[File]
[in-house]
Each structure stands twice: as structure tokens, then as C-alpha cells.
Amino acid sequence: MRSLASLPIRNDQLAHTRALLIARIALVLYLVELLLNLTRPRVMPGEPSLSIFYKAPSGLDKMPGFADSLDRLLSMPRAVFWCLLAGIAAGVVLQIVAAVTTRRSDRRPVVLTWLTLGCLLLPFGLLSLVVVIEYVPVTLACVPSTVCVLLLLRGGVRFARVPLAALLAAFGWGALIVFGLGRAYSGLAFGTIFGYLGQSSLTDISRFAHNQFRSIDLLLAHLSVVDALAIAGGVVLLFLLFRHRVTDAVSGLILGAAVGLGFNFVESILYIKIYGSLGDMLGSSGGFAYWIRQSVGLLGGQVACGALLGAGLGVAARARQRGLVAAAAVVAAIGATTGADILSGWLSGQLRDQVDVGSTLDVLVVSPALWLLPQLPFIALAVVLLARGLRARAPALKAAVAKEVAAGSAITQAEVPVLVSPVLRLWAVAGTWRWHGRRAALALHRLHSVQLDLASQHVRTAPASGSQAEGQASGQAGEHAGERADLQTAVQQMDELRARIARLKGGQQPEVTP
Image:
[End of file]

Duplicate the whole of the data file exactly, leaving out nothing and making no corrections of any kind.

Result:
[in-house]
Each structure stands twice: as structure tokens, then as C-alpha cells.
Amino acid sequence: MRSLASLPIRNDQLAHTRALLIARIALVLYLVELLLNLTRPRVMPGEPSLSIFYKAPSGLDKMPGFADSLDRLLSMPRAVFWCLLAGIAAGVVLQIVAAVTTRRSDRRPVVLTWLTLGCLLLPFGLLSLVVVIEYVPVTLACVPSTVCVLLLLRGGVRFARVPLAALLAAFGWGALIVFGLGRAYSGLAFGTIFGYLGQSSLTDISRFAHNQFRSIDLLLAHLSVVDALAIAGGVVLLFLLFRHRVTDAVSGLILGAAVGLGFNFVESILYIKIYGSLGDMLGSSGGFAYWIRQSVGLLGGQVACGALLGAGLGVAARARQRGLVAAAAVVAAIGATTGADILSGWLSGQLRDQVDVGSTLDVLVVSPALWLLPQLPFIALAVVLLARGLRARAPALKAAVAKEVAAGSAITQAEVPVLVSPVLRLWAVAGTWRWHGRRAALALHRLHSVQLDLASQHVRTAPASGSQAEGQASGQAGEHAGERADLQTAVQQMDELRARIARLKGGQQPEVTP
Image: